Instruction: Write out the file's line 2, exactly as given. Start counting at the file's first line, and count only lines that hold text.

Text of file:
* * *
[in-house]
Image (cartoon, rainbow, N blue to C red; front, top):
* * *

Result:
Image (cartoon, rainbow, N blue to C red; front, top):